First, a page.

Posted on | April 17, 2014 | 16 Comments
What associations of a mass murderer are most important? In the case of the Boston Marathon bombers, the New York Times didn’t seem to think Islamic extremism was very important, but in the case of the Overland Park Jewish Community Center shooter . . .
The New York Times resolutely refused to see a pattern of jihad on the part of Boston Marathon bomber Dzhokhar Tsarnaev in its sympathetic front-page Tuesday profile of his prison conditions. Yet on Wednesday the Times ran an op-ed that used an anti-Semitic killer in Kansas to represent the hidden domestic terror threat of military veterans. . . .
Kathleen Belew’s op-ed on anti-Semitic killer Frazier Glenn Miller appeared Wednesday under an offensive headline and illustration, “Veterans and White Supremacy.”
When Frazier Glenn Miller shot and killed three people in Overland Park, Kan., on Sunday, he did so as a soldier of the white power movement: a groundswell that united Klansmen, neo-Nazis and other fringe elements after the Vietnam War, crested with the bombing of the Oklahoma City federal building in 1995, and remains a diminished but potent threat today.
Mr. Miller, the 73-year-old man charged in the killings, had been outspoken about his hatred of Jews, blacks, Communists and immigrants, but it would be a mistake to dismiss him as a crazed outlier. The shootings were consistent with his three decades of participation in organized hate groups. His violence was framed by a clear worldview. . . .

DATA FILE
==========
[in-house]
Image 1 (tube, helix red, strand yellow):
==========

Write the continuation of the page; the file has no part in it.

The number of Vietnam veterans in that movement was small — a tiny proportion of those who served — but Vietnam veterans forged the first links between Klansmen and Nazis since World War II. They were central in leading Klan and neo-Nazi groups past the anti-civil rights backlash of the 1960s and toward paramilitary violence. . . . Its members carried weapons like those they had used in Vietnam, and used boot-camp rhetoric to frame their pursuit of domestic enemies. . . .
Before his 1979 discharge for distributing racist literature, Mr. Miller served for 20 years in the Arm, including two tours in Vietnam and service as a Green Beret. . . .
Belew backtracked two decades to bring up Tim McVeigh — make that “Army veteran” Tim McVeigh, before concluding that veterans don’t get sufficient scrutiny as domestic terror threats.
Read the whole thing at Newsbusters. The 9/11 hijackers who killed nearly 3,000 people and took down the World Trade Center? To blame their religion for that act of terrorism would be unfairly prejudicial, you see. But smearing military veterans for the act of a hateful criminal? That’s perfectly acceptable to the New York Times.
Exit Question One: Has the New York Times ever examined Jared Loughner’s obsession with the conspiracy video Zeitgeist?
Exit Question Two: What about terroristic violence — such as the 1981 Nyack armored car robbery — committed by those associated with 1960s left-wing radicals like the Weather Underground?